The Power of Syncing Your Menstrual Cycle

The Power of Syncing Your Menstrual Cycle

When I was in my twenties, a friend lived with other women and the moon synchronized their menstrual cycles. They claimed bleeding in sync served to help them manage their collective and communal energy. Something was working for them because they were naturally quite sexy in their flowing skirts and bare feet. And flowers in their hair.

There was a mural painted on the side of their SE Portland house which read, “Musical Maidens of the Moon.” I was so into these women even though I saw no plausible mechanism to explain how they all synced up every month. It could happen, but, I thought the evidence to prove it would be problematic and complicated. Was it because they all went to bed with the sunset and arose with the sun, slept in complete darkness and always took moonlight walks?

I had only heard women talk about their periods with full disdain and in all these lame terms: I am on the rag or, Aunt Flow came to visit. These Pacific Northwest goddesses were a coven of bloody wonder. I seized my moment and asked what the deal was with their “moon flows” as they so openly referred to that time of the month.

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After spending nearly every day and most weekends together, the maidens started to sync cycles. Then one of them decided it was time they swallow the moon energy in full force. They would face the moon when it was just rising and gently breathe in the lunar energy, swallowing it. That followed with a barefoot chant to be repeated 29 times – the exact amount of days in a lunar cycle. She shared that moon flows have been tied to the moon and the lunar cycle for literally thousands of years. Before modern science explained that a woman menstruates because of her changing hormones, it was generally accepted that a woman’s periods followed the lunar cycle. After all, the moon controls the ocean, why not women’s bodies?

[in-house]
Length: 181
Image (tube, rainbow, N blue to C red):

I was determined to prove I was powerful and mystical enough to drink the moon energy and become a Musical Maiden of the Moon. I wanted to drink the Kool-Aid! I saw myself to the closest bookstore. I focused to memorize the chapter called, “Attuning to the Natural Forces: Harmonize our Body with Nature’s Cycles”.

That night when the sun set and moon was bright, I stated my intention out loud that I want to bleed during the new moon and ovulate at the full moon. I walked barefoot in my backyard for about an hour and focused my energies on that statement. I said it loudly and clearly, but not too loudly because my duplex-mates in the other kitchen kept looking out at me, thinking I was trying to raid their garden.

I proclaimed my plans to the moon. For many a moonlit night, I met the moon at that very spot and resumed my intention setting. I promised to create a Moon Lodge with women friends by gathering and creating sacred space together on the new moon, possibly right in my backyard. And I swore I would avoid food packaged in plastic or BPA cans. Even my beloved Super Big Gulp refills were in danger of disappearing if I was granted the supreme gift of becoming a Musical Maiden of the Moon.

In three months’ time my power cycle kicked into the flow gear. I talked to the moon, letting the light into my womb. I slept in a completely dark room and got up daily at 6 am. I sat under the sun and let the warm and gentle morning sunlight caress me while I had my spirulina breakfast smoothie.

When I was sure I had synced, I walked the holy path to the house of the Moon Maidens to share my news. The first tip that something was amiss was the smear of white paint over the “Musical Maidens of the Moon” sign. No one answered when I knocked, and through the porch window I saw an empty room devoid of grain sack upholstered chairs, beeswax candles and wild tapestries.

Where had all the flowers gone?

READ MORE: 7 Simple Ways to Balance Hormones Naturally

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Elizabeth Fournier is affectionately known as The Green Reaper in her tiny community of Boring, Oregon. She is the owner of Cornerstone Funeral Services and works as a green mortician, educator and advocate who is always ready to lend a hand, or a shovel. She is also the voice of the autopsy exhibit in the forensic wing at the United States National Museum of Medicine.